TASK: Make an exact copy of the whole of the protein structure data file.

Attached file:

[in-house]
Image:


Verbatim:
[in-house]
Image: